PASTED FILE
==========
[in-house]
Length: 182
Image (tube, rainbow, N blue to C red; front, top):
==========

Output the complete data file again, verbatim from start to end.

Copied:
[in-house]
Length: 182
Image (tube, rainbow, N blue to C red; front, top):